As the role of American women in combat continues to increase and as the National Guard continues to develop mission sets that harness the unique capabilities of women, I believe women in certain parts of the world will be empowered as a result of this evolution.
Female Engagement Teams (FETs) are one example of how the National Guard operationalizes the unique aspects that women can bring to the Warfight in places such as Afghanistan and Iraq. FETs have been very successful in gaining information and winning the trust of females in Iraq and Afghanistan who are not permitted to converse with men outside their families.9 These units are deployed to interact with local women and gain a better understanding of their concerns.10 FETs support the objectives of the 2000 UNSCR 1325 and the 2011 U.S. National Action Plan for the inclusion and empowerment of women by listening to these Afghan and Iraqi women on the ground, encouraging the rule of law, and allowing the women to feel more secure by decreasing the chances of violence through accountability.11
Americans now realize that geography is no longer an obstacle for our adversaries. As a result, our security strategy in the homeland has evolved to defy and prevent dynamic and asymmetric threats. The skill sets developed from our complex operations in the Warfight and the civilian capacity that part-time Guardsmen bring to their military positions has carried over into our homeland missions, enabling an enhanced capability. Women in the National Guard play a large role within our homeland mission. Women assigned to missions such as the Aerospace Control Alert that protects our skies and Ballistic Missile Defense are part of a critical component of maintaining and advancing national security and stability for our nation.
Lieutenant Heather “Lucky” Penney was serving a typical day in the 121st Fighter Squadron on September 11, 2001, until she was informed that the twin towers in New York City had been struck by two different airliners. Immediately after the Pentagon was hit, the Washington, D.C. Air National Guard was ordered to launch two F-16 fighter aircraft to intercept a possible fourth airliner being hijacked and on a vector for Washington, D.C. (possibly for the White House or the U.S. Capitol). The assigned flight lead chose Lieutenant Penney to be his wingman and prepare for an immediate takeoff. The 121st Fighter Squadron just returned from an exercise and therefore the aircraft were not loaded with weapons (no missiles, bullets, or bombs). The flight lead told Lieutenant Penney that he would fly his F-16 into the cockpit of the hijacked airliner and she would strike the tail. Since terrorists were using an American airliner as a weapon, Lieutenant Penney and her flight lead had no choice but to use their F-16s in direct response. In the end, they could not find Flight 93 because the brave American passengers onboard rushed the cockpit to take back control of the aircraft, crashing into a field in Shanksville, Pennsylvania. Regardless, young Lieutenant Penney was prepared to give her life to defend her country and preserve, guard, and sustain national security. Penney stated, “Our duty was clear—to protect and defend.”12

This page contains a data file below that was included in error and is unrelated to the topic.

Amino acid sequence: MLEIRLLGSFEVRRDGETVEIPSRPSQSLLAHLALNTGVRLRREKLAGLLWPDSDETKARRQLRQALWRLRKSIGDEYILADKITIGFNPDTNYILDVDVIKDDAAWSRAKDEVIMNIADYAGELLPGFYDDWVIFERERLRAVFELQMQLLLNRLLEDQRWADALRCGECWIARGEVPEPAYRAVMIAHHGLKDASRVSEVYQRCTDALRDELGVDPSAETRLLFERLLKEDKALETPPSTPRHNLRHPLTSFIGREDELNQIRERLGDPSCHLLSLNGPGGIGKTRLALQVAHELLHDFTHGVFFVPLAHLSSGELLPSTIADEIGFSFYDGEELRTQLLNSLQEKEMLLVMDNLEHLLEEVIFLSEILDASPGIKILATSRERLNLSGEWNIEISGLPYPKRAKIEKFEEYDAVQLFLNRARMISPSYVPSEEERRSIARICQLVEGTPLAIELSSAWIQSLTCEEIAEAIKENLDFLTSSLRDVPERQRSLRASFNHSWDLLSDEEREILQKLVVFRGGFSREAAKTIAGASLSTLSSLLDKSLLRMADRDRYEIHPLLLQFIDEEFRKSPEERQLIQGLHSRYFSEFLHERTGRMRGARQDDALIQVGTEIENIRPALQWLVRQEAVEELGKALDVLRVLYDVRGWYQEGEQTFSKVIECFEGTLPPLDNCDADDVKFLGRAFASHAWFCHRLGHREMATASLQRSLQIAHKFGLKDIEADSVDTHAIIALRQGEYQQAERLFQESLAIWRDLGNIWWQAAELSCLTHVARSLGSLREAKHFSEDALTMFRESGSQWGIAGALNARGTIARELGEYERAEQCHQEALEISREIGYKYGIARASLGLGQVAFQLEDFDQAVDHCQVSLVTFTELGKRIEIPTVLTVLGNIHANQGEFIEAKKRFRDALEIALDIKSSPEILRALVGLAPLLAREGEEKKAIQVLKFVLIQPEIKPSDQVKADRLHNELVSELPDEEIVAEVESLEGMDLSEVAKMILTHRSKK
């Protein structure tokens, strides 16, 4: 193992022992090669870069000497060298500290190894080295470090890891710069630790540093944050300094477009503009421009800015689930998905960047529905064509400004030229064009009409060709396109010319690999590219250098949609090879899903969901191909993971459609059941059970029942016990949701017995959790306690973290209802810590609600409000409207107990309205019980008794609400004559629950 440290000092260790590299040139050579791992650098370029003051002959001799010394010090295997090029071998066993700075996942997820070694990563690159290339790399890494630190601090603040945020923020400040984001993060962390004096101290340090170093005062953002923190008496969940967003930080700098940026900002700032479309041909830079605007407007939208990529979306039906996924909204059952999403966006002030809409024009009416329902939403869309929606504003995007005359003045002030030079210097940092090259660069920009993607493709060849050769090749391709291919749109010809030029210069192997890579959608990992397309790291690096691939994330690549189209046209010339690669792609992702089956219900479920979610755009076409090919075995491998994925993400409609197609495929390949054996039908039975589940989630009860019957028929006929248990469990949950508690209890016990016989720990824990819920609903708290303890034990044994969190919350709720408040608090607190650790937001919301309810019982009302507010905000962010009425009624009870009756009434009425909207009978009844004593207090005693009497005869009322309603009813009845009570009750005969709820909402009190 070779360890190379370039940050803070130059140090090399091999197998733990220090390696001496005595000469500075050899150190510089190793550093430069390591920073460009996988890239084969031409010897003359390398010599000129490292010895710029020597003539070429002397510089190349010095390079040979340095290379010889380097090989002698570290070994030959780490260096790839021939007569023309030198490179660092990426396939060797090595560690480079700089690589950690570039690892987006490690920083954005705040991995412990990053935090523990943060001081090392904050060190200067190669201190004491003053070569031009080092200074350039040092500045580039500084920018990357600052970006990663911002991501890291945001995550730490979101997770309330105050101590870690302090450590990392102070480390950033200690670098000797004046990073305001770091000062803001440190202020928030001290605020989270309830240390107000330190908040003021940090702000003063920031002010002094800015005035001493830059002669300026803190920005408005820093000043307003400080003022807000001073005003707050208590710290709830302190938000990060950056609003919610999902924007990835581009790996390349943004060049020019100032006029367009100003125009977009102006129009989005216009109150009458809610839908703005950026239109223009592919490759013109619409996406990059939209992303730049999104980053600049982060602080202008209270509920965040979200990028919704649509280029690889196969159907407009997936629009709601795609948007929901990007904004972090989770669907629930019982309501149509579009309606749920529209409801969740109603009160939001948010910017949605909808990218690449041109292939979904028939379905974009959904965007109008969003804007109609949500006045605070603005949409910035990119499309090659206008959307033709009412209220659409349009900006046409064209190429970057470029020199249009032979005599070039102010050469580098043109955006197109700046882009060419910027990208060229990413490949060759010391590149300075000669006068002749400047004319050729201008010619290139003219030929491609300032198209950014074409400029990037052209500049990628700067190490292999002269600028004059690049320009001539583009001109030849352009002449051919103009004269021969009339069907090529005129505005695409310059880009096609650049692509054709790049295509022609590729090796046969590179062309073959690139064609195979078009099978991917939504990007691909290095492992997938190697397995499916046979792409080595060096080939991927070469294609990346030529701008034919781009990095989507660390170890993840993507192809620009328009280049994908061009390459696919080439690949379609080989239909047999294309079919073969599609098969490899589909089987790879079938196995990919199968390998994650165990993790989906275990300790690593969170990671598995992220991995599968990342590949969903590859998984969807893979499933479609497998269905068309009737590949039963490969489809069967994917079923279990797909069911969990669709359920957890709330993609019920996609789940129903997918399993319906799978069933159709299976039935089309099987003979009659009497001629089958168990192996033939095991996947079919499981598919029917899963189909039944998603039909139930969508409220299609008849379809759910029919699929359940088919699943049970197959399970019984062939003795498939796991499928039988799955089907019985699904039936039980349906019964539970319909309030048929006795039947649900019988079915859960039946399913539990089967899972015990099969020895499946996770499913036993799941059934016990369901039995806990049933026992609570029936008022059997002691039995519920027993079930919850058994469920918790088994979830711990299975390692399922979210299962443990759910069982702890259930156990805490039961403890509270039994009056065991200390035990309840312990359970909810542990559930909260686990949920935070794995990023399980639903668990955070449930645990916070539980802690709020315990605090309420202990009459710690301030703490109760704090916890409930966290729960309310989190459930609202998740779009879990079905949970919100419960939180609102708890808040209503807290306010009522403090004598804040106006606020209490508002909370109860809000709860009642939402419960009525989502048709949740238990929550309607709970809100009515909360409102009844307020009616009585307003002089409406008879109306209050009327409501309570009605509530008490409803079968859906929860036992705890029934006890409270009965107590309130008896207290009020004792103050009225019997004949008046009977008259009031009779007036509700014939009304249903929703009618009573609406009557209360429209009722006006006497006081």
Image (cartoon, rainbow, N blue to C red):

Today, Major Penney continues to serve in an airlift squadron in the Air National Guard, flying distinguished visitors around the world.13 Outside of the National Guard, she is an executive with a major defense corporation and also leads an independent group that specifically researches female officer retention and recruiting for the military services. Major Penney’s exemplary contributions are part of the National Guard’s evolving homeland mission sets that include women in almost every capacity for consequence management and homeland defense.
Another great example is Missouri Army National Guardsman Colonel Sharon Martin, Commander of the 110th Maneuver Enhancement Brigade. Prior to her current command, Colonel Martin was the Commander of the 70th Troop Command (largest Brigade in Missouri) and the Federal Emergency Management Agency Region VII Homeland Response Force. Her illustrious career includes experience as a Military Police Battalion Commander, service in critical roles in domestic natural disaster response, combat deployment, and completion of the Joint Task Force Commander’s Training Course, which prepared her to coordinate military and federal responses to disasters—all in addition to her civilian job as a professional firefighter. Colonel Martin exhibits the finest traits of our citizen soldiers and airmen who serve our nation, our states, and our communities.
The National Guard is located throughout our nation and its members are leaders in their respective communities with strong ties to local and state officials and the community at large. Many times, the only military ties these communities have are with their local National Guard units. The unique abilities and talents that part-time Guardsmen bring from their civilian occupations are utilized in homeland missions. From assisting communities as first responders, to supporting state and federal missions responding to natural disasters and man-made threats, we are the first military force to reach the scene. The inclusion, empowerment, and effectiveness of female Guardsmen in the role of homeland defense and security are crucial to our mission success. The National Guard ensures that those in its ranks reflect and understand the communities in which they serve.
The National Guard’s global, federal, state, and local partnerships have paid major dividends during times of crisis, disaster, and building partnership capacity for our national security. The local relationships that we forge provide daily benefits that improve the lives of our citizens. The National Guard also works closely with federal and state interagencies to forge a cohesive team in responding to singular and ongoing domestic missions. These partnerships have allowed the National Guard to execute decisively and efficiently in supporting missions in the aftermath of disasters. With missions such as counternarcotics, the National Guard works closely with agency partners in interdiction and activities to combat illicit drugs, which impact the entire hemisphere and beyond.